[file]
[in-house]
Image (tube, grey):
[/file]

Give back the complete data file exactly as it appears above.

[in-house]
Image (tube, grey):